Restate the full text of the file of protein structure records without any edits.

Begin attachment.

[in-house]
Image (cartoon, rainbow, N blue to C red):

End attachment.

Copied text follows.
[in-house]
Image (cartoon, rainbow, N blue to C red):